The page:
As a scholar in addition to being a player, I consider reviews sacred. They are, for me, discrete representations of an attempt to place subjective impressions in the most rational and logical format. And, in order to balance the implacable and always present human myopia, reviewers should freely disclose their subjectivities, inclinations and backgrounds.


So, here are my confessions. I am an adult who, like many on this forum, decided recently to reentered the world of Tennis Table. In the last few months I have been unlearning and relearning most of the basic and advanced elements of the game. Being fully aware of my physical and mental limitations (as compared to my youth years), and of the limited time I have to master the game, has perhaps made me more conscious of every little step in the training process and aware of the role the equipment has in helping (or hampering) progress and the enjoyment of the game.


Perhaps it was this awareness that took me to Ross, which then led to the writing of this review.


I may be preaching to the choir here, but as I ready to share my thoughts and that of friends who played with the Rapscallion, I propose that this review should follow an interactive flow, similar to that which I have seen on this forum. My plans are to submit pictures, thoughts and data organized in at least four sections.


First, I will share an evaluation summary in the common conventional format. Second, I plan to narrate the blade's experience here in Blacksburg, VA, and address the issue of handcrafting versus mass-production and how that may impact the player's performance. Third, I will share my friends' reactions (players with considerable TT experience), so you will have a broader spectrum of voices to consider. The other section(s) will address issues of blade construction, performance (loops, chops, drives, blocks, serves, etc.), and rubbers' suitability.


Forum member's reactions, questions and concerns posted now and after the summary will certainly influence the way that the other sections will develop. So, feel free to continue giving life to this thread.


Cheers


Caballero

Hurray for outstanding independent blade-makers:

Leidy's Rapscallion
Charlie's 1Ply & 9-10-9
American Hinoki's WRC Quantum 3-ply
Nexy Calix

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Post Options Post Options   Thanks (0) Thanks(0)   Quote Ross Leidy Quote  Post ReplyReply Direct Link To This Post Posted: 09/06/2012 at 10:23pm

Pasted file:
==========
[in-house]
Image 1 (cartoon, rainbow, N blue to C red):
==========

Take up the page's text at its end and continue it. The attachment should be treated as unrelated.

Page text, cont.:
Originally posted by Hozze Hozze wrote:

Very nice Ross!

How do you think that would work in a C-pen format, and what would it do to the weight?


Yes, I could certainly build it as a Cpen.  I'd estimate that the weight would be around 80+/- depending on the type of handle wood used.
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Post Options Post Options   Thanks (0) Thanks(0)   Quote Ross Leidy Quote  Post ReplyReply Direct Link To This Post Posted: 09/06/2012 at 10:28pm
Originally posted by rokphish rokphish wrote:

WOW!! I'm salivating right now... 

I must confessed that I was skeptical awhile back when looking at Ross' exotic blades. I couldn't believe that they would play as nicely as they look.

However, after trying out one of his blade I changed my opinion drastically. The one I tried was as a great of a performer as well as having a great look!
 
From the pictures above I probably would like to play with the second AN and the ST (looks like a CO). The first AN type I haven't tried before and the FL looks small on the neck and very wide at the bottom, not sure how it would feel...

Are these already out for sale or still in the trial period?

rapscallion  (ræpˈskæljən) 
 
— n
a disreputable person; rascal or rogue

Is that what you had in mind when naming the blade? Tongue

Thanks, rokphish.  I'm glad you enjoyed your time with the SOJ.  I build the blades on-demand, so if you'd like to buy a Rapscallion, please contact me offline and I can get you on the waiting list.

I definitely had rascal/rogue in mind when naming the blade.  Smile
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Post Options Post Options   Thanks (0) Thanks(0)   Quote rokphish Quote  Post ReplyReply Direct Link To This Post Posted: 09/07/2012 at 12:04am
Originally posted by Ross Leidy Ross Leidy wrote:

Thanks, rokphish.  I'm glad you enjoyed your time with the SOJ.  I build the blades on-demand, so if you'd like to buy a Rapscallion, please contact me offline and I can get you on the waiting list.